Your hockey skate blades or runners should be kept sharp, smooth, and free of rust, burrs, and pitting, and with the right hollow (the concave semi-circle on the bottom of the runner that makes contact with the ice surface) to maximize skating performance based on conditions. But after lots of sharpening, the steel wears down and you'll eventually need to change the blades or runners. This is routine care for your ice hockey skates—like getting new tires on a car.
You'll know when to change the runners primarily by feel. Your skating will feel soft and wobbly and you won't turn as crisply, stop as quickly, or accelerate as cleanly as you're used to.
You can visually inspect the blades to determine whether the steel is pitted or has burrs, and whether you have enough steel left for sharpening. Maybe the blades are dull and that's the problem; get them sharpened! Nothing affects skating performance more than dull blades. If you determine that the steel is worn down or banged up, opt for replacement runners in the right thickness to fit the holder of your skates, with the blade profile that fits your skating style.
Take the new runners and skates to a Pure Hockey store or wherever you'd usually sharpen your skates—they can do the replacement for you. For DIYers: take the foot bed out of the skate, remove the plastic cap that covers the nut holding the runner in place, use a tool to remove the nut, remove the old runner and carefully insert the new one, and then fasten it in place with the nut.
Once you're good to go, consider protecting the edges of your skate blades using cloth blade soakers, blade covers, or hockey skate guards.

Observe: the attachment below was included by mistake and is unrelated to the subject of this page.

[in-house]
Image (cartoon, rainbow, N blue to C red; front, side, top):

Remember that regularly cleaning and drying your hockey skates can extend the lifespan of your equipment and prevent the materials from breaking down prematurely.
Are you in the market for a new pair of hockey skates? Shop our full selection of hockey skates online, or if you’re still unsure which pair might be right for you, visit a Pure Hockey store near you for a full assessment from our staff.
If you’re shopping for other gear, too, be sure to check out our other hockey equipment buying & fitting guides so you can purchase with confidence.
Regularly cleaning and drying your elbow pads can extend the lifespan of your equipment and prevent the materials from breaking down prematurely.
Are you in the market for a new pair of elbow pads? Shop our full selection of hockey elbow pads online, or if you’re still unsure which pair might be right for you, visit a Pure Hockey store near you for a full assessment from our staff.